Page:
Diabetes Drug Metformin May Reduce Cancer Death Risk
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Metformin, a diabetes drug, is thought to have the potential for cutting down cancer death risks, a new study reveals. The relation between the type 2 diabetes medicine and reduction in risk of cancer death was particularly seen in postmenopausal women.
According to a report published in the International Journal of Cancer, researchers found that women affected with both type 2 diabetes and cancer simultaneously have a 45 percent higher chance of dying of cancer than those who suffer from cancer alone. In the course of the study, it was observed that cancer‐affected women who took Metformin, particularly long‐term users, were at a lower risk of developing certain cancers and dying from it in comparison to users of other anti diabetes drugs.
On the basis of the observation, the researchers feel that it may be more effective to use Metformin as treatment for type 2 diabetes compared to the other medicines given to postmenopausal women affected with cancer.
The research team studied the data of around 146,000 postmenopausal women in the age group of 50 to 79 years old from 1993 to 1998. It was noticed that the women had a 25 to 35 percent risk of developing endometrial and colon cancers, as well as non Hodgkin lymphoma. The risk was twice for cancers of the pancreas and liver.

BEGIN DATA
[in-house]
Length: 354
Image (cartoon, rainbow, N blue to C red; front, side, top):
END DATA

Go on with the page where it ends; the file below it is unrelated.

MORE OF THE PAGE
As per results, the scientists suggest that diabetes is still a risk factor for death by cancer and cancer associated factors. However, Metformin therapy could have a more important role in managing cancers associated with diabetes as compared to other anti diabetes treatments. At the moment, it is still not fully known if Metformin actually prevents or reduces cancer deaths; however an association exists between them. Further studies are underway to understand more about the relation of Metformin with cancer death risk.